2. The Behavior of the CD8+ T Cell in Persistent Viral Infections

111




2.1. Persistent CD8+ T cell stimulation and expansion: "Inflationary" epitopes

111




2.2. Cellular senescence despite continued clonal expansion

113




2.3. Clonal persistence versus clonal succession

114




2.4. Molecular requirements for clonal persistence

114




3. Clarifying the Role of IL-2 in the Clonal Expansion and Effector Differentiation of the CD8+ T Cell

115




3.1. Is IL-2 "the" or "a" mediator of CD8+ T cell clonal expansion?

115




3.2. CD8+ T cell clonal expansion without IL-2R signaling

116




4. Coreceptors Mediating IL-2-Independent CD8+ T Cell Clonal Expansion

118




4.1. CD27

118




4.2. Other coreceptors

120




5. Modifying the Antiproliferative Effects of Types I and II IFN

120




5.1. The effects of types I and II IFN on CD8± T cells

121




5.2. Regulating IFN-γR expression

121




5.3. Statl as a "Switch" determining the effects of types I and II IFN on proliferation

122




6. Transcriptional Control of Replicative Senescence: Bmi-1, Blimp-1, and BCL6/BCL6b

123




7. A Refined Model for CD8+ T Cell Clonal Expansion: Sequential Phases of CD27-Dependent Self-Renewal and IL-2-Dependent Differentiation

126




8. Clinical Extensions of the TCR/CD27 Pathway: Adoptive CD8+ T Cell Therapy

127




Acknowledgments

129




References

129
4. Inherited Complement Regulatory Protein Deficiency Predisposes to Human Disease in Acute Injury and Chronic Inflammatory States141




Anna Richards, David Kavanagh, and John P. Atkinson





1. Altered Self Triggers Innate Immunity

143




1.1. Acute injury

143




1.2. Debris accumulation

144




2. Regulation of the Alternative Complement Pathway

145




2.1. Overview of activation

145




2.2. Regulation of the alternative complement pathway

148




2.3. Regulatory proteins

148




3. Lessons from Homozygous Complement Regulatory Protein Deficiencies

153




3.1. Plasma proteins FH and Fl

153




3.2. Membrane proteins MCP and Crry

153




4. Complement and Atypical Hemolytic Uremic Syndrome

154




4.1. Hemolytic uremic syndrome

154




4.2. Factor H

155




4.3. FH-related genes

157




4.4. Membrane cofactor protein: CD46

157




4.5. Factor I

159




4.6. Factor B

159




4.7. Disease penetrance

160




5. Complement and Age-Related Macular Degeneration

160




5.1. Age-related macular degeneration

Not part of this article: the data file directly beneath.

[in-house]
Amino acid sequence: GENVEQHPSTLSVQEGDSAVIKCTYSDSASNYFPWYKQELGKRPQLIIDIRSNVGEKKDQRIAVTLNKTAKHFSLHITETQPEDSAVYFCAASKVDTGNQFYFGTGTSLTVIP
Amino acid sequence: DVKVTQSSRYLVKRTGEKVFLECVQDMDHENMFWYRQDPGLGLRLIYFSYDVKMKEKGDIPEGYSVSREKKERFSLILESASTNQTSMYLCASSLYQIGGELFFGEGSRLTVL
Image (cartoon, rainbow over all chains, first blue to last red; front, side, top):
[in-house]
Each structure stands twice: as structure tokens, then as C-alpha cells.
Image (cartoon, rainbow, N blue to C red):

160




5.2. Factor H

161




5.3. Factor B/C2

163




6. Immunopathogenesis of aHUS and AMD

163




6.1. Atypical HUS

163




6.2. Age-related macular degeneration

166




7. Treatment of aHUS and AMD

167




7.1. Treatment options for aHUS

167




7.2. Treatment options for AMD

168




8. Conclusions: Lessons and Implications

168




References

169
5. Fc-Receptors as Regulators of Immunity179




Falk Nimmerjahn and Jeffrey V. Ravetch





1. Introduction

180




2. The Family of Activating and Inhibitory FcRs

181




3. Activating and Inhibitory FcR Signaling Pathways

183




4. The Role of Activating and Inhibitory FcRs on Innate Immune Effector Cells

185




5. Modulation of Antibody Activity

188




6. Activating and Inhibitory FcR Expression on DCs

190




7. Fc&famma;RIIB as a Master Regulator of Humoral Tolerance and Plasma Cell Survival

192




8. Summary and Outlook

195




Acknowledgments

196




References

196
Index205
Content of Recent Volumes211
Frederick W. Alt is a Howard Hughes Medical Institute (HHMI) Investigator and Director of the Program in Cellular and Molecular Medicine (PCMM) at Boston Children's Hospital (BCH). He is the Charles A. Janeway Professor of Pediatrics and Professor of Genetics at Harvard Medical School. He works on elucidating mechanisms that generate antigen receptor diversity and, more generally, on mechanisms that generate and suppress genomic instability in mammalian cells, with a focus on the immune and nervous systems. Recently, his group has developed senstive genome-wide approaches to identify mechanisms of DNA breaks and rearrangements in normal and cancer cells. He has been elected to the U.S. National Academy of Sciences, the U.S. National Academy of Medicine, and the European Molecular Biology Organization. His awards include the Albert Szent-Gyorgyi Prize for Progress in Cancer Research, the Novartis Prize for Basic Immunology, the Lewis S. Rosensteil Prize for Distinugished work in Biomedical Sciences, the Paul Berg and Arthur Kornberg Lifetime Achievement Award in Biomedical Sciences, and the William Silan Lifetime Achievement Award in Mentoring from Harvard Medical School.